Wednesday, August 4

A month after the protests in Peru, no one responsible for the deaths and injuries | International

The organization Human Rights Watch has recommended to the Government of Francisco Sagasti that it prosecute the agents responsible for the police repression – which caused two deaths and hundreds of injuries during the November protests in Lima – and reform the disciplinary system of the National Police “to guarantee independence and transparency ”.

In a report released this Thursday, the international body asks to give priority “to the investigations into the role that the civil authorities and police had in the human rights violations”, which occurred during the interim term of Manuel Merino, the congressman who took over as head of the Executive for six days last month. Monday the 14th marked a month since the deaths by shooting of the young Inti Sotelo and Bryan Pintado without being charged.

Merino was the head of several parliamentary benches, whose members are being investigated for corruption and money laundering, which promoted the “vacancy” due to “permanent moral incapacity” of former President Martín Vizcarra. Vacancy does not amount to impeachment: if Parliament gets 87 votes or more, it can remove the president. “Vizcarra had promoted several initiatives against corruption that affected these legislators,” notes the HRW report.

After the vote in favor of the ‘vacancy’, hundreds of thousands of citizens took to the streets in almost all regions to protest against Merino. In the capital, the demonstrations were brutally repressed by the police. Faced with the deaths on Saturday, November 14, and the disproportionate violence by the security forces, Merino lost political support and resigned. Two days later, Francisco Sagasti took office as the new transitional president.

There are currently three investigations into the blood events of that week. However, José Miguel Vivanco, executive director for the American continent of HRW, comments that the disciplinary system in the National Police of Peru “lacks basic guarantees of independence and transparency.”

The Human Rights Watch team interviewed 76 people to prepare their report and reviewed 200 videos and other documents. Vivanco notes that civilian investigators from the Interior Ministry “cannot visit a police facility and obtain a copy of ammunition records or any other documentation at that time.” “They have to make written requests for information and wait. That can lead to police involved in irregularities hiding information, “he says.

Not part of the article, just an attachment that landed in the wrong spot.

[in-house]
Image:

If civil investigators “conclude that officers violated the disciplinary code, their recommendation for sanction is not binding. In the end, the one who will make the decision is the Inspector General of the police, who is a lieutenant general: and he could determine that there was no disciplinary violation or reduce the severity of the sanction ”, explains Vivanco.

The national and international press have asked the Government of Sagasti about these investigations in the Interior sector, but have not received a response. HRW also reports that only one of the police chiefs who led the repression operations in Lima was transferred to another agency, but the general commander of the Police, César Cervantes, has not adopted “measures against other agents, not even against those who acted in areas where protesters were injured or killed ”.

Human Rights Watch also recommends that the police “remove from the streets” unit commanders “credibly implicated in abuses.” The organization has documented that the Peruvian police instead of firing gas grenades upwards, vertically, did so at the body of the protesters, contrary to their own manuals. In addition, it verified that on November 14, in an area of ​​two blocks in the center of Lima, the police caused nine injuries and the death of the two young people by lead shot. “This is an important indication that the same police contingent would be involved in all cases,” says the report.

The organization also reported that there were at least 57 arbitrary or abusive detentions. And it warns that the power of the National Police to “intervene” and take a person into custody in order to verify their identity must be reviewed, as it is used arbitrarily and gives rise to ill-treatment during detention. Furthermore, the police are not obliged to show the Public Prosecutor the names of the persons “intervened”.

The human rights defense institution recommends that the Government of Sagasti deliver reparations to the relatives of the deceased youth and the seriously injured; this Thursday, the Ministry of Justice published a rule that creates an inter-ministerial commission to assume state responsibilities with respect to said citizens.

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